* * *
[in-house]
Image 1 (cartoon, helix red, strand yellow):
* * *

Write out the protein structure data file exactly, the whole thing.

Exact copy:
[in-house]
Image 1 (cartoon, helix red, strand yellow):